Our Approach

We are taking numerous actions that include installing and reconfiguring equipment and software, revising policies and procedures, and improving and expanding training and awareness initiatives.  These actions are designed to ensure a strong and resilient election infrastructure that will continue to serve citizens in the face of any adversity.

  • Network Based Security – Networks are protected against threats using various tools and concepts including firewalls, intrusion prevention and detection systems, network sensors, 24/7 monitoring, data encryption, incident reporting mechanisms, software application patch management, two-factor user authentication, user password strength requirements, and user password expiration.
  • Risk and Vulnerability Assessments – Cyber and physical security assessments and penetration tests are performed to identify any vulnerabilities.  All vulnerabilities, regardless of severity, are addressed immediately.
  • Training and Education – We work to establish a strong security culture by training election officials to follow security policies and procedures and to recognize cyber threats and attack methods including identifying phishing emails and other social engineering attacks.  Users are required to complete cyber security training before being granted access to systems and on an ongoing basis to maintain access.  The SEC conducts field audits to ensure election officials are following security policies and procedures.
  • Voting System Security – Before being used in a South Carolina election, the voting system was tested and certified by a testing laboratory approved by the U.S. Election Assistance Commission (EAC) and was tested by the SEC to ensure the system met the requirements of state law.  Logic and accuracy tests are performed before every election to ensure the system is tallying votes correctly.  Ballot-marking devices, scanners and computers used to tabulate results are never connected to the internet.  Voting system security plans and procedures are in place to insulate the system from unauthorized access including secure storage, access logs, data encryption, and data transfer through secure endpoints. Election results are tallied and reported publicly at the precinct-level, then at the county and state levels providing multiple checkpoints in the process.  Post-election audits are conducted prior to certification of an election.

Securing Future Elections

Security is a never-ending process. We remain vigilant as the election environment changes and new threats emerge. We must rise to meet those threats by establishing new layers of security to further build the resilience of our state’s election infrastructure.

Considering the significant efforts being made to secure our elections, we want you to go to the polls and vote with confidence knowing your vote matters, and your vote will count. Our democracy depends on it.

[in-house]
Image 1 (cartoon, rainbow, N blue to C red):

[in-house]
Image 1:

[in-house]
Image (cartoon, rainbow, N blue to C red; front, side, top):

Is the voting machine connected to the Internet while I am voting?

No. The voting unit is never connected to the Internet. Additionally, the voting units are not connected to each other. Each is a standalone, self-contained unit.

I’ve moved and haven’t updated my voter registration card. Can I still vote?

If you moved to…

1.  …another residence within your precinct, you can vote at your polling place but must first fill out a change of address form.

2.  …a different precinct within your county, you are eligible to vote a failsafe ballot (see below).

3.  …another county within 30 days of the election, you are eligible to vote a failsafe ballot (see below).

4.  …another county prior to 30 days before the election, you had to register by the deadline and are not eligible to vote.

Two Options for Voting Failsafe:

  1. Vote at the polling place in your previous precinct using a limited, failsafe ballot including only federal, statewide and countywide offices.
  2. Go to the voter registration office in the county in which you currently reside, update your address, and vote a full ballot there.
I have moved to South Carolina after the 30 day voter registration deadline, can I still vote?

Federal legislation 1965 Voting Rights Act, as amended, section 42 USCA 1973aa-1 permits a voter who moves to a new state within 30 days prior to the Presidential election (and who may therefore fail to qualify for voter registration in their new state) to vote for President and Vice President only in their state of former residence. In South Carolina, this means a registered voter of another state who has moved to SC after the registration deadline may vote in their former state for President and Vice President only. That voter should contact their former voting office to request a ballot. If a registered voter of a South Carolina county moves to another state within 30 days (or after that state’s registration cut-off), this voter may contact their former county office and request an absentee ballot for President and Vice-President only. The voter would go through the normal absentee voting procedures, either by mail or in person. The former county is responsible for furnishing this voter a ballot for President/Vice President. A voter who has moved to another state within this deadline also has the option of returning to their former precinct and voting in person at the polls for President and Vice President only. This will probably require the voter to cast a provisional ballot.